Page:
Trash to Treasure: Scientists Convert Municipal Waste to Biofuel Precursors
By Emily Scott
As the need for energy security grows, scientists are investigating nonfood biomass sources that can be used to create valuable biofuels and bioproducts. Among these sources is municipal solid waste (MSW) — in other words, trash that’s produced every day around the world in significant amounts.
In a new study published in the journal ChemSusChem, researchers at Berkeley Lab created six blends that combined MSW items (non-recyclable paper and grass clippings) with biomass (corn stover and switchgrass). Using an ionic liquid-based process, they converted these blends into methyl ketones, which are chemical compounds that can be used as diesel fuel precursors.
This is the first report on the conversion of MSW to methyl ketones using an ionic liquid process, an efficient biomass pretreatment process that is becoming more sustainable. The research was a collaboration between the Joint BioEnergy Institute and the Advanced Biofuels and Bioproducts Process Development Unit (both established by the Department of Energy and based at Berkeley Lab), where researchers scaled up one of these blends 30-fold and are currently attempting to scale up the process even further.
“The ionic liquid-based conversion represents an efficient and more environmentally friendly process for biomass upgrading,” said Berkeley Lab researcher Ning Sun, the study’s corresponding author. “This opens the door to building biorefinery facilities that use diversified feedstocks to produce a range of chemicals.”
Simple Materials Offer a Peek into the Quantum Realm
By Aliyah Kovner
As reported in Nature Physics, a Berkeley Lab-led team of physicists and materials scientists was the first to unambiguously observe and document the unique optical phenomena that occur in certain types of synthetic materials called moiré superlattices. The new findings will help researchers understand how to better manipulate materials into light emitters with controllable quantum properties.
Moiré superlattices are made by layering sheets of single-atom-thick materials on top of one another in precise configurations to create a larger and more complex overall pattern. In these arrangements, the otherwise simple composite materials display intriguing behavior.
For example, recent studies from the same team showed that moiré superlattices made with three layers of graphene sandwiched in between layers of boron nitride can act as an exotic insulator and a high-temperature superconductor.
In the current study, Berkeley Lab graduate student researcher Emma Regan and her colleagues used two highly sensitive spectroscopy approaches to examine the excitons (bound pairs of electrons and electron-holes, which occur in semiconductive materials) across the layers of a moiré superlattice formed by tungsten disulfide and tungsten diselenide.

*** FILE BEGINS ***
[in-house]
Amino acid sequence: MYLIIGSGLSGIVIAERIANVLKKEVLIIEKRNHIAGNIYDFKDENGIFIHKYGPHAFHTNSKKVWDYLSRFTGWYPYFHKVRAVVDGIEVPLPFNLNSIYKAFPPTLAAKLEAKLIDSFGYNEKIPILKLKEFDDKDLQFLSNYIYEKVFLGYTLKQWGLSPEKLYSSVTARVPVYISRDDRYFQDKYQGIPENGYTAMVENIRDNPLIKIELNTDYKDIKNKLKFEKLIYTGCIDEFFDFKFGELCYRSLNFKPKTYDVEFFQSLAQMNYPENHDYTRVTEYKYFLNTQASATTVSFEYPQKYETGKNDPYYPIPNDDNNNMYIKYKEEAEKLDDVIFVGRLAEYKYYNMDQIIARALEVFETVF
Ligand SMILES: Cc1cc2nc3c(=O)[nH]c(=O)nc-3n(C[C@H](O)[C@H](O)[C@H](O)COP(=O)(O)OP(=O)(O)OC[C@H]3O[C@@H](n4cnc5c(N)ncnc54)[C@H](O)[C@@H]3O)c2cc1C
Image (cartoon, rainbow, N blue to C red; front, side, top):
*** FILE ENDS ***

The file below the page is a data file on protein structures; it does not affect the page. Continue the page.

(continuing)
“Our work provides needed clarity on how the excitons in moiré superlattices can exist in different states,” said Regan. “And now we know a straightforward way to create perfect arrays of interlayer excitons with distinct optical properties, which can serve as light emitters in next-generation electronic devices.”
Can Cellphones Help Cities Be More Energy Efficient?
By Linda Vu
Buildings currently consume about 40% of all the electricity used in the United States, most of them located in urban areas that are growing rapidly. Because electricity generation is the largest source of greenhouse gas emissions in the country, making urban buildings more energy efficient could help mitigate global climate change.
In order to achieve efficient buildings at a city-wide scale, accurate occupancy estimations are crucial. These estimates need to take into account the fact that people move around their cities throughout the day, from home to work, which drives energy consumption for different building types. Now, a model developed by researchers from Berkeley Lab, UC Berkeley, and MIT can do just that. A paper describing the tool, which uses passively collected cellphone data to improve urban scale building occupancy and mobility estimates, was recently published in Nature Communications.
“Understanding building occupancy at an urban-scale allows us to plan better for collective energy use. Like traffic apps that tell you the current state of road congestion, we envision a model that could potentially tell users what the energy demands are in different places and therefore identify bespoke efficiency measures,” said Berkeley Lab scientist Marta Gonzalez, who is also a UC Berkeley professor of Civil and Environmental Engineering and co-author of the paper. “The tool could also potentially connect to smart-devices that automatically adjust to the energy demand.”
Read the full article from Berkeley Engineering here.